|At commencement, Wilson was recognized as one of two
campus-wide recipients of the prestigious Brown Found-
ation-Earl Rudder Memorial Outstanding Student Award by
Texas A&M President R. Bowen Loftin. The award is the
highest accolade that can be bestowed upon a graduating
senior. It honors top students who exemplify the leadership
and related traits of the late General Earl Rudder, a World
War II hero who served as president of Texas A&M from
1959 until his death in 1970.
Days after receiving two Texas A&M University degrees, a bachelor’s in applied mathematics and a master’s in mathematics, Tanner Wilson '12 vividly recalls the early ease with which he grasped calculations and formulas.
"I've always been good at math," Wilson says. "I knew I liked it, but as I got closer to college, I realized I wanted to be a doctor. My career goal is to be a trauma surgeon at a major academic medical center."
No one could have predicted that Wilson’s love of math might also one day save a life.
Better Blood Transfusions
An applied mathematics major with an option in biological sciences, Wilson spent the better part of his academic career toiling over research intended to improve emergency care for trauma patients. Now armed with his newly minted diplomas, a dry-erase board and his natural mathematical savvy, Wilson is well on his way to devising mathematical strategies that someday could improve the technology of blood transfusions.
Wilson's somewhat unlikely career path owes its foundations to his early exposure to research as a member of the Undergraduate Program in Biological and Mathematical Sciences (UBM), where he says he found his calling. A National Science Foundation-funded collaboration between Texas A&M's Departments of Biology, Mathematics and Statistics, UBM trains students to resolve major life-sciences-related issues using quantitative approaches that span a variety of interdisciplinary areas within the three fields.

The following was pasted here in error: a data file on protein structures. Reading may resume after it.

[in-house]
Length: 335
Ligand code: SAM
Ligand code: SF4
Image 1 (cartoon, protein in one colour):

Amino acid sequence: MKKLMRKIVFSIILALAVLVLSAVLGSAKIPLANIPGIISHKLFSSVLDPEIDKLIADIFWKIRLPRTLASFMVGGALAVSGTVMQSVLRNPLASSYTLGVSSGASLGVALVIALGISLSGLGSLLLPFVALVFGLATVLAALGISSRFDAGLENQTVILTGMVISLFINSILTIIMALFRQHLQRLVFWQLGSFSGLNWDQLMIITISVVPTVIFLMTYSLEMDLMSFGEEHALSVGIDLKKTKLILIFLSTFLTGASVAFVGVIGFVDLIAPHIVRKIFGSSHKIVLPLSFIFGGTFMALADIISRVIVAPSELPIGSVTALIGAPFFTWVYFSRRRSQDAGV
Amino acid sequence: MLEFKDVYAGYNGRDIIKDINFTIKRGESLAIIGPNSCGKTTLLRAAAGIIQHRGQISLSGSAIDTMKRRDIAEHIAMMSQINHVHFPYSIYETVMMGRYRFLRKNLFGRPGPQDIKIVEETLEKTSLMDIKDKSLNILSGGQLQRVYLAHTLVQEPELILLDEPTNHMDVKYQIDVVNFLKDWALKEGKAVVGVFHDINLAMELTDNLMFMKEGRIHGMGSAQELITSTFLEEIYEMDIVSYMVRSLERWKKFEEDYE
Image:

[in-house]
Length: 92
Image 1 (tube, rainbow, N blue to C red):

|Tanner Wilson '12 and fiance Nell Kroeger '12
both completed the mathematics department's
FastTrack Degree Program, a five-year prog-
ram in which math majors can simultaneously
earn their bachelor's and master's degrees,
in four years.
In summer 2010, Wilson used his 2009 internship experience at Houston's Ben Taub General Hospital's trauma unit as inspiration for his research. During the internship, he was surprised at how little scientific justification went into transfusion protocol for patients experiencing massive blood loss. In each patient's case, a longstanding field-wide debate arises: Exactly what is the correct ratio of red blood cells, plasma and platelets required to maintain the balance of whole blood?
Wilson turned to mathematics to solve the debate, which he hypothesized could be useful in creating a more personalized method of blood treatment. He devised a detailed mathematical model that mapped out the transfusion process using simulations, and during the next two years, he expanded his models to include physiological variables, including blood-clot formation and flow rates.
"Tanner is the quintessential self-starter," said Dr. Jay Walton, Wilson’s UBM adviser and professor of mathematics and aerospace engineering. "Without a doubt, Tanner's work on this mathematical modeling project is publishable science done primarily while he was an undergraduate student with minimal guidance. Such scientific maturity is not often seen in undergraduate students."
|The Aggie philanthropy of Peggy and
Charles Brittan '65 is extensive. They
have funded a teaching award, a
science scholarship, a Sul Ross Scholar-
ship, two President’s Endowed Scholar-
ships, two Foundation Excellence Awards
and the Center for Executive Development
at the Mays Business School. They also
have made provisions for a Texas A&M
scholarship in their estate.
The Medicine and Math Partnership
Before entering the Dallas-based University of Texas Southwestern Medical Center in August, Wilson is using the summer to perfect a mathematical theory to calculate oxygenation levels of blood in places like the heart that are normally considered blind spots by surgeons.
“Medicine can only go so far without using high-level mathematics," he says. "And that's the point of this project, to show that just by using mathematical theory, we can find some things you would not otherwise be able to find."
Beyond his extensive research experience and academic achievements, Wilson was previously recognized with 20 awards and scholarships. He is quick to humbly stress that his numerous accomplishments and successes could not have happened without significant help. From his mentor, Jay Walton, to all of his scholarship donors, Wilson adamantly gives credit where he says it most certainly is due.
"I've been supported through the President's Endowed Scholarship program and College of Science endowed scholarships. Charles H. Weinbaum Jr. '47 and the Brittans [Peggy L. and Charles L.] are some of my donors. Without that kind of support, it goes without saying I never would've been able to do the things I did."
By Chris Jarvis '07
You can support students in the College of Science with the gift of an endowed scholarship to the Texas A&M Foundation.